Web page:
MINNEAPOLIS (WCCO) — It’s a clash between small business and big city development.
This week, the St. Paul city council voted unanimously to add bike lanes on 9th and 10th street.
Despite objections from business owners in the area who say taking away street parking — on top of COVID-19 — could be a recipe for closures.
“It was an opportunity to be in a downtown neighborhood with lots of people moving in and lots of excitement,” said Jordan Smith, owner of Black Sheep Pizza.
Smith opened up the location on the corner of 10th and Robert Street in downtown St. Paul nine years ago.
Now he’s second guessing that decision.
“Had I known that it was going to be no street parking and surrounded by one ways that is a much different restaurant location than what we purchased,” Smith said.
The St. Paul city council voted unanimously Wednesday to move forward with adding bike lanes on 9th and 10 street in St. Paul taking away much of the already limited street parking from several businesses.
“I feel a little bit defeated,” said Carol Hunn-Gregory, who owns Keys Café just around the corner from Black Sheep Pizza, “I wouldn’t have bought the space.”
“Why would you take away a whole city block of parking and then expect business owners to thrive?” Hunn-Gregory said.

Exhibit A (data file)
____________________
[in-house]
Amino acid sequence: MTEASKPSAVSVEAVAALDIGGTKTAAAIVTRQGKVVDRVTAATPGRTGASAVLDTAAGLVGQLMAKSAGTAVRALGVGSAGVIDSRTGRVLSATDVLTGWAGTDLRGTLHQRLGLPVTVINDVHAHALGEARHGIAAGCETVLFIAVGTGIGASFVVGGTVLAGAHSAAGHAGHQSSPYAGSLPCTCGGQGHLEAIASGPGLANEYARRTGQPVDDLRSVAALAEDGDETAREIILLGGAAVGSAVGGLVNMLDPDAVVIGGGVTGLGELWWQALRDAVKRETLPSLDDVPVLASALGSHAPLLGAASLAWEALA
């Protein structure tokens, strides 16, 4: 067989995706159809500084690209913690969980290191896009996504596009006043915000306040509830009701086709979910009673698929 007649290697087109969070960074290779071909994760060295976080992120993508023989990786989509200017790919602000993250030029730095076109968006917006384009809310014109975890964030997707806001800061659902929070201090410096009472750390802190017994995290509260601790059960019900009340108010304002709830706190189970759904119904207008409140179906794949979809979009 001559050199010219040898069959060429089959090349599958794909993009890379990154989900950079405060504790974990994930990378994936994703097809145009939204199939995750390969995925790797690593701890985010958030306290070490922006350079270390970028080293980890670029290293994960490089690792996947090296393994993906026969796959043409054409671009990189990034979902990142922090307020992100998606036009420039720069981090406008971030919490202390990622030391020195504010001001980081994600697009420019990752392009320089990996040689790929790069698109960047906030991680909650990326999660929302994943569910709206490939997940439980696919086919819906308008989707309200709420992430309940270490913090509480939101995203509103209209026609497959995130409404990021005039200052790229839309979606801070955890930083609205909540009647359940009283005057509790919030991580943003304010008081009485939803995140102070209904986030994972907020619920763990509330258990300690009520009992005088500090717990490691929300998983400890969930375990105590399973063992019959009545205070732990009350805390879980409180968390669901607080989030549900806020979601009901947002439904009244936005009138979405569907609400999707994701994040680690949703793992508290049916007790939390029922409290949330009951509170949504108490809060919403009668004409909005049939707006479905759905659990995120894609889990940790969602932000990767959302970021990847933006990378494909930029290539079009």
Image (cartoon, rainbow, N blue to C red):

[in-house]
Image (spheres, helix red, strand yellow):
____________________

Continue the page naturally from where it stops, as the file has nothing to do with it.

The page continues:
Neighboring business owners at Sawadtee say the move could severely impact businesses already dealing with the fallout from COVID-19.
“I would say 90 plus percent park on that street,” said Sawadtee owner Cyndy Harrison. “We’re hearing how important the curbside pickup is and the decisions by the city and the county are effectively eliminating our curbside.”
Subsidized parking spots in nearby ramps are being discussed. But in a time when business is already tough, these owners are apprehensive.
“It makes it an almost impossible environment to run a small restaurant,” Smith said.
“Somebody isn’t going to park in a ramp to come pickup food and leave,” Harrison said.
“All we’re asking for is just some more parking,” Hunn-Gregory said.
But like with COVID-19 this hurdle will force them to get creative to survive.
“As my mother says ‘it’s not a problem it’s an opportunity’ so I have to look for the opportunities,” Hunn-Gregory said.
“This piece didn’t work out but we’re there for the long haul so we’ll figure it out,” Smith said.
Work on the project is set to begin this fall.
Mayor Melvin Carter’s team says it is aware of the concerns and values feedback, and that concerns will be considered in the city’s COVID-19 response.